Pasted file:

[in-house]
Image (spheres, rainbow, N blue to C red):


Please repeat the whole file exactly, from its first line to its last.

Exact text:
[in-house]
Image (spheres, rainbow, N blue to C red):